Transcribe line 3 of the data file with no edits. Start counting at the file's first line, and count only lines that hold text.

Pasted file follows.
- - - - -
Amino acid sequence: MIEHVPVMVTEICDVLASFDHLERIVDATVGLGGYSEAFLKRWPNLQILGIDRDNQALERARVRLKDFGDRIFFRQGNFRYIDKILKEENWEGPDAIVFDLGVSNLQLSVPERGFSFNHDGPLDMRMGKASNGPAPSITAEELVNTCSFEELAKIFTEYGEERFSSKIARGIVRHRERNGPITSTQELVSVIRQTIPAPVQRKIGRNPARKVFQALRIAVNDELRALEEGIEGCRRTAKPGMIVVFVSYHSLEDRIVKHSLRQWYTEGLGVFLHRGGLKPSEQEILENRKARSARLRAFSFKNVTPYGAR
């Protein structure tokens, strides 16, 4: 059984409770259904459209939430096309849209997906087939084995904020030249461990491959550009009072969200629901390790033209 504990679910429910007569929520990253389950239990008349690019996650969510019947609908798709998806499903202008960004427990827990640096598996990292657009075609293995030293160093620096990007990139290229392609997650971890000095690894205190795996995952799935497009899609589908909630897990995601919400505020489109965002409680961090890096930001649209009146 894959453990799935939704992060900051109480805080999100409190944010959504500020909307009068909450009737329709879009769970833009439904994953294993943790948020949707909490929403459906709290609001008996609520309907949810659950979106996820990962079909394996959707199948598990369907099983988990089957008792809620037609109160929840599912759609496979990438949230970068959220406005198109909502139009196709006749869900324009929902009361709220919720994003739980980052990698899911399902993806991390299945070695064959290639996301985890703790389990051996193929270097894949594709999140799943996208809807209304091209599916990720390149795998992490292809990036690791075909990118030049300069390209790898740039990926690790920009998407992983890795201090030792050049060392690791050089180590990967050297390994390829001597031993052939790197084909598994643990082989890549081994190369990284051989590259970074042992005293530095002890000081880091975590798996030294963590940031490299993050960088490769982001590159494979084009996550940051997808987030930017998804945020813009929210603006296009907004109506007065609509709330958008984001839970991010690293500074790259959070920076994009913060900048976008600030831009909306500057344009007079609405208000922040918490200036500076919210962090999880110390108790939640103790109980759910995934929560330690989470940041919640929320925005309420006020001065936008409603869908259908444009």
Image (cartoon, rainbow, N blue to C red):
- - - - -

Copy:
Image (cartoon, rainbow, N blue to C red):